What is Value added tax (VAT)?
- It is an indirect tax imposed on value addition, in each state of economic activity (value of sales – Intermediate commodities)
- Since it is imposed on all the stages of production and distribution of goods and services, so it replaces all the domestic indirect taxes (except custom duty)
Advantages of VAT
- It reduces evasion because it enables officials to cross-check records of various firms.
- It encourages firms to purchase from those firms which have paid taxes in ordered to reduce their own tax liabilities.
- It reduces the effective burden of tax on firms which encourages tax compliance
- It eliminates the cascading burden of multiple taxations
- Promoters specialization – Because of tax liabilities under tax not affected by the number of stages in the product distribution process. It does have anti specialization bias unlike in excise (tax liabilities)
- It unifies the indirect tax system across the states
- It enables allocation of resources on the basis of comparative advantage of various states or region, i.e. each state would produce those commodities in which it is most efficient.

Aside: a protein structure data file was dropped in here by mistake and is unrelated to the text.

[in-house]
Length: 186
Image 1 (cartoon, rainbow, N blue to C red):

Limitation of VAT
- It is highly resourced intensive, required to centralise record of indirect taxes, maintenance of record by a firm in a specific format and trained tax offices.
- The process of estimation of value addition is quite complex
CENVAT (Central VAT)
- It was adopted in India in 1986 and was known as MODVAT renamed in budget 2000 – 01. It was imposed on the recommendation of Mr L K Jha Committee.
- It was imposed only on the manufacturing state so it replaces excise.
- Central government experimented it for its own taxes, that’s why he it does not involve sales tax which is state domain
It is imposed on production and distribution of goods and also on production and distribution of services
State level VAT
It was adopted in 2008, imposed on the distribution stage by the central government traders have to pay than reimbursed.
Background Behind state-level VAT
- It started with the conference of Chief Ministers of Indian State and Prime Minister, which was held in 1999.
- In 2000, the empowered committee of State Finance Ministers which was chaired by Sushil Kumar Modi was evolved to make the consensus.
- It published the provision on white paper on VAT in January 2005.
- It was not adopted by all state government, because traders were apprehensive of the provisions.
- The last state who adopted it was Uttar Pradesh
Limitation of the state-level VAT
- Taxes paid of one state cannot be reimbursed in another state.
- The central sales tax have not been abolished
- It will lead to distortion of resource allocation